Take the 2-minute tour ×
Personal Finance & Money Stack Exchange is a question and answer site for people who want to be financially literate. It's 100% free, no registration required.

If you buy out all the outstanding shares of a pink sheet listed company, do you control the company (much like when an NYSE-listed stock is bought out)?

share|improve this question
4  
Be sure you understand total shares vs shares outstanding. Total float may be 100 million, but only 10 million are trading. –  JoeTaxpayer Jul 11 '13 at 20:28
1  
only need to own over 50% –  CQM Jul 11 '13 at 20:58
1  
@CQM ... of the voting shares. –  Chris W. Rea Jul 11 '13 at 21:08
add comment

2 Answers 2

Sure. No-one promises that all the outstanding stocks are ever for sale, but if you get them all - you get them all, what marketplace you used for that doesn't really matter.

share|improve this answer
add comment

Depends on the structure of the company and what shares are outstanding. If the pink sheet stock has no voting power then buying all that stock doesn't get you any control at all. On the other hand, if the outstanding shares only represent 20% of the company's overall shares, then buying all the shares isn't likely enough to have a controlling interest.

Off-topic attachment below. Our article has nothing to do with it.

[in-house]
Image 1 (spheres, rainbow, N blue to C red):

Thus, you'll have to dig into the details. If you want an example of where I'd have my doubts, look at Nestle's stock which has the ticker of NSRGY. There can be companies that are structured with stock on multiple exchanges that can also be a challenge at times. There is also something to be said if you own enough stock in a company that this has to be disclosed to the SEC when you buy more.

share|improve this answer
    
Nestle is a good example, since it's not an American company, so you'll run into regulatory issues in multiple national jurisdictions. –  John Bensin Jul 12 '13 at 2:21
add comment

Your Answer

 
discard

By posting your answer, you agree to the privacy policy and terms of service.

Not the answer you're looking for? Browse other questions tagged or ask your own question.